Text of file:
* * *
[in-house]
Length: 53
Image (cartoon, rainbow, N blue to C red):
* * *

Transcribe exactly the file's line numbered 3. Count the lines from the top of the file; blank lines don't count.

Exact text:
Image (cartoon, rainbow, N blue to C red):